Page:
AUBURN — Androscoggin County jail Administrator Capt. Jeffrey Chute is already looking ahead to his facility’s 2019 state inspection and exceeding his jail’s current high standards.

That’s a lofty goal.

The Androscoggin County jail’s latest grade? A perfect 100 percent.

A team of three inspectors from the Maine Department of Corrections spent a couple of days earlier this month performing an in-depth audit of the aging facility. The inspection reviewed 265 detention and correctional standards, including security, safety, training, staffing levels, cleanliness and staff, inmate and administrative relations.

“The Androscoggin County jail has certainly reached new heights under the current administration,” the three inspectors wrote in the report sent to Sheriff Eric Samson last week.

Chute was quick to share the accolades.


“It was an all-hands-on deal,” Chute said. “It wasn’t one or two people. This was all staff needing to chip in.”

“The pressure was on Jeff and staff to get it done and make sure we fell in line,” Samson added. “We are very pleased.”

Samson praised Chute, Assistant Jail Administrator Lt. Lane Feldman and compliance officer Sgt. Adam Campbell with overseeing the work required to meet the states’s standards.

Inspectors specifically praised the facility’s cleanliness and condition of the 19th-century building, telling the sheriff that it was in better shape than many of the state’s newer jails, Samson said.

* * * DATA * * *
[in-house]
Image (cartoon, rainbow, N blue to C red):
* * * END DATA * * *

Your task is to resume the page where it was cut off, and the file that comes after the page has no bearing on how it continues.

“Not only do they look at your policies, practices and procedures, your instances that you had, whether medical or possible assaults or use-of-force issues, they interview inmates as part of the process,” Samson said. “They interview officers. We were asked questions prior to our inspection.”

Inspectors also lauded the jail for exceeding many standards and doing things other facilities are not doing. One example cited in the report was daily searches of the jail cells. The final report noted that unlike the Androscoggin jail, “most correctional facilities do not search all cells daily.”


State inspectors were also impressed with some of the programming, such as various alternative sentencing programs, such as painting, providing labor for nonprofits and working at the animal shelter and farm to keep inmates on a normal routine and keep them on track.

Staff development and their relationships with the administration also received praise.

“Those are important things that I look at,” Samson said. “That says a lot about your professionalism and the employees feeling supported by the organization, and the employees supporting the organization.”

Chute doesn’t plan to sit back and simply meet the same standards for county jails. He wants to meet even higher standards than are required. He is already looking at ways to do more, even though jail funding remains challenging.

One change recommended by the state was for the jail to hire its own maintenance staff instead of contracting out for the service, because of the age of the facility.

A low turnover in staff is another factor in the success of the jail’s operation, according to Samson and Chute.

“We have had zero complaints in the last year from inmates to the Department of Corrections,” Chute said. “That’s a great compliment to our staff.”

Androscoggin County Building in Auburn. 

Androscoggin County Building in Auburn. 

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